Trianel sues Tennet over offshore connection
London, 23 October (Argus) — German municipal utility group Trianel has filed a lawsuit against Dutch-German transmission system operator (TSO) Tennet because of delays in connecting the company's 200MW Borkum offshore wind park in the German North Sea to the mainland grid.
The move came after policy makers said they will consider changing liability rules for delayed, cancelled or disrupted connection cables. A proposed draft bill attracted harsh criticism during a committee hearing in the German lower house of parliament (Bundestag) yesterday for failing to offer sufficient incentives and safeguards to attract investors to the offshore wind industry.
Trianel has filed a lawsuit against Tennet with the regional court of German city Bayreuth, as the group seeks damages for delays in completing the Dolwin 1 cable project that will connect its Borkum offshore wind park to the mainland grid.
Dolwin 1 is running several months behind schedule. Tennet has notified Trianel that it now expects to start testing Dolwin 1 in September 2013, with a commercial start-up not expected before December 2013, the municipal utility group told Argus.
The TSO, tasked with the network connection of wind parks in the German North Sea, confirmed that a lawsuit has been filed against them. “The delay of Dolwin 1 and other projects generally shows how important it is to change the framework conditions for network connection projects,” a Tennet spokesperson said.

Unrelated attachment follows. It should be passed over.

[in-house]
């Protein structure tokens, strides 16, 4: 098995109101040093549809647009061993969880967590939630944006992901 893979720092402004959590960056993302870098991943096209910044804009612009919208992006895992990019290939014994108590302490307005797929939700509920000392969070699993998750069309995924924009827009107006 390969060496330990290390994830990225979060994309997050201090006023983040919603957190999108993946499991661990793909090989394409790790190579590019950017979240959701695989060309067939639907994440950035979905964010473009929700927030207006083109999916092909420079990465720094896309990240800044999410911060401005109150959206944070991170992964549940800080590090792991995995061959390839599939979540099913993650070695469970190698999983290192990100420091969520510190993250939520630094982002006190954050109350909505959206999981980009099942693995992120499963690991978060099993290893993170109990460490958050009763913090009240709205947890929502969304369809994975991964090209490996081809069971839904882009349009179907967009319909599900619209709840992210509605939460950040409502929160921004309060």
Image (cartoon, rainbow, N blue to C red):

Trianel filed the lawsuit ahead of planned reforms to the German energy act that propose introducing liability rules for delayed, cancelled or disrupted offshore wind connections.
Under the proposals, a wind park operator would be able to apply for compensation under certain circumstances and up to a certain amount. But operators would not be able to sue for damages if the draft law comes into force.
The committee of economy and technology of the Bundestag held a public hearing yesterday on the proposed draft law, which also includes proposals to introduce a 10-year development plant for offshore wind connections.
Utilities, energy industry associations and TSOs alike criticised the proposed liability rules as not improving framework conditions for network connections.
“The proposed liability regime is in principle useful but in its specific design is not suitable to attract much needed equity investors,” Tennet said in its position paper on the draft law.
Policy makers will now consider amending the draft law following the public hearing, economic policy spokesman for the ruling CDU-CSU parliamentary group Joachim Pfeiffer said. “We can confirm that adjustments will be reviewed,” he said.
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